ok pretty much everyone i work with is female (49 staff members, 3 men) and we all disagree on a lot of things like religion and politics etc but today at lunch in the staff room we were all having a discussion about the women’s marches and how amazing it was and how we want to do something but we dont know what to do and i was telling them all the things i learn from the internet and then we were discussing the signs and how amazing people are and someone showed me a picture they had saved bc they loved it so much and it was mamrie, grace and joselyn and i dont think ive ever been so proud as i was just then telling the girls that i know who they are and how amazing they are etc etc and we basically just an hour talking about how important girl love is and omg im so happy right now this is what the world needs dont stop talking about how amazing women are and how strong we are and how we CAN and WILL win this fight.
"The wolf queen, a woman who was once loved by all now forgotten. Like the tides to a sea she has changed far too many times. As she turns strays into loyal beast and women to graceful swans what has she become? Does anyone remember the work of the one who claims to be an alpha? It is time for a change my dear. Shall the woods hear your howl or are you content with life as it is.. You're stuck in a fork in the road. Which path do you choice and why? To be the queen or be the shadow."
“One day, I will die and you will still be here.”
The words continued to repeat in her mind, reminding her of just how much there was to risk in the world. As the nights glared into days and the days faded back into the nights, she was left to wonder what it was all for. She was the Queen. So many versions of her danced in the minds of others, titles bestowed based upon who she was to them. The Queen of Hearts, of Monsters, of the Broken, of Wolves.
What were the titles at the end of the day when she simply returned to the woods where she and her wolves ran free for hours, only returning home nude, bruised and scraped? Pieces of her knew she would fade from the world at some point, she would disappear with only the echo of her name on their lips of the leader who once was ruthless, fearless and powerful. Now, what was she? A broken woman with dying children and only the wolves to keep her company.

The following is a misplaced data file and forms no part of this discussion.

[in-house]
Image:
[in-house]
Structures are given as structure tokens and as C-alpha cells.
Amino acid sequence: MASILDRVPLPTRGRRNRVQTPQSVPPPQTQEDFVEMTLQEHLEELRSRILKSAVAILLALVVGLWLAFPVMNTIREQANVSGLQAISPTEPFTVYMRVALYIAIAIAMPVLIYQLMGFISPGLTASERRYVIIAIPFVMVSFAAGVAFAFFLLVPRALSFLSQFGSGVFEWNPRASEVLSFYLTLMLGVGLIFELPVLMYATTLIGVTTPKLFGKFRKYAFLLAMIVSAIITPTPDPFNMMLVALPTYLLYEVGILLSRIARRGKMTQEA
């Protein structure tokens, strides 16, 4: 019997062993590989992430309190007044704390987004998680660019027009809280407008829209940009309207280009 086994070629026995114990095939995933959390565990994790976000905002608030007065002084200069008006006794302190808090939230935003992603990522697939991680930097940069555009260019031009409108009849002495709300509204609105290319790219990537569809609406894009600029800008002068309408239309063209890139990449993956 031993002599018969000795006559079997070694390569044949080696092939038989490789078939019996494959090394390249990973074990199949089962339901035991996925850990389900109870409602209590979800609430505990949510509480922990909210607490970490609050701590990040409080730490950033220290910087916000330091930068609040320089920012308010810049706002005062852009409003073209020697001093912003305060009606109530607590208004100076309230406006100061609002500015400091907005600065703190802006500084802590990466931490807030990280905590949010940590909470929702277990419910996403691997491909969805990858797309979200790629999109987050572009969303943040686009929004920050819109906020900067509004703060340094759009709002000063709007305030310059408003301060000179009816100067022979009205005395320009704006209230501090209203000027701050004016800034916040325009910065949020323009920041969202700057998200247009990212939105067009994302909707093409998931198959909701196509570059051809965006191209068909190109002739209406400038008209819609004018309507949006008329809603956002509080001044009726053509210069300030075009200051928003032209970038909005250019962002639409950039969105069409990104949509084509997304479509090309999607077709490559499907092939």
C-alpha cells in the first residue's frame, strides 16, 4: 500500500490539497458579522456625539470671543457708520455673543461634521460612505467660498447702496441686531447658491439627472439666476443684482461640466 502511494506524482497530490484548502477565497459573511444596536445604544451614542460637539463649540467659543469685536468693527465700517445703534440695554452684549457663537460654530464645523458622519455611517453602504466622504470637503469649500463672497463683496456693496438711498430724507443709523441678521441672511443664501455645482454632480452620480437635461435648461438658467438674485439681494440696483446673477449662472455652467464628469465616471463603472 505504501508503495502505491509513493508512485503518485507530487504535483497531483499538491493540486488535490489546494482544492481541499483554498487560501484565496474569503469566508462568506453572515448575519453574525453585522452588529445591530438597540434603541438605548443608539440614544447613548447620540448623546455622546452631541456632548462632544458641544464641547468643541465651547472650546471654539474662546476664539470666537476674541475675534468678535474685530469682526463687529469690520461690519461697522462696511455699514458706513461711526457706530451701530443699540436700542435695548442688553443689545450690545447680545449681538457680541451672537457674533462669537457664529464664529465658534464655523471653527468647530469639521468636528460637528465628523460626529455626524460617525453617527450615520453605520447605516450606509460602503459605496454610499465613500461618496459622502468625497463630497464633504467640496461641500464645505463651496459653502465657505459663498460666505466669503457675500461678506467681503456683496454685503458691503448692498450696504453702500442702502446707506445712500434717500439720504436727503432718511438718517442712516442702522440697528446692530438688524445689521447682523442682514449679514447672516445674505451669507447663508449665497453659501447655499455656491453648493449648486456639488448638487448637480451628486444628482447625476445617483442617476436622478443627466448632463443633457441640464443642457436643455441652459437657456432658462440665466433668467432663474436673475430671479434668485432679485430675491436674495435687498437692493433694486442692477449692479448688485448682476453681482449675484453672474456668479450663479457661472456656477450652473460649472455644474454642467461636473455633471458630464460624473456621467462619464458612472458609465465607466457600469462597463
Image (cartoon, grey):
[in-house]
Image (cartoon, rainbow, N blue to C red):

Was it enough?
She needed no one but her own, no one but herself, no one but her children. The ones that still remained. Family is power, he told her. The man who desperately seeks to end her at every turn, haunts her dreams and encroaches on her world one person at a time.
Rabid pup, he calls her. Perhaps she was, perhaps she never would have complete control over herself, but maybe she didn’t need to. She was the Queen, the most dangerous piece on the board with the most movement.
Wolves do not worry themselves over the opinions of sheep.
Shadows questioned her position, her direction, her responses. Truth be told, she was as dangerous as the hurricane they named her as, as unpredictable as the black sea that took so many ships within their caps, as free as the breeze that wiped through her crimson curls and as wild as the fires that claimed forest after forest.
Shadows were her safe haven, just as the water, just as the wind, just as the soil. She would be Queen no matter if she stood on the tallest peak or remained six feet below the surface for flowers to remind those of just who she had been. Living or dead, she would be who she was, no matter who said otherwise.
So proud to be a part of this fandom and to call these amazing women my role models. It’s one thing to talk about making a difference but Grace, Hannah, and Mamrie are really doing it. Yesterday was a difficult day, but today we fight for what’s right!
Grace Hopper (1906-1992), sometimes referred to as ‘Amazing
Grace’, was a computer scientist and an Admiral in the US Navy. In 1944, she
invented the first compiler for a computer programming language.
earned her master’s and PhD in mathematics from Yale, and began teaching at
Vassar in 1931. She was part of the US Navy Reserve during World War II, all
while working for the Harvard Computation Lab, where she was part of the Mark I
computer programming project. She remained on active duty well beyond the
retirement age, becoming the oldest active-duty officer in the history of the
Navy, at 79 years of age.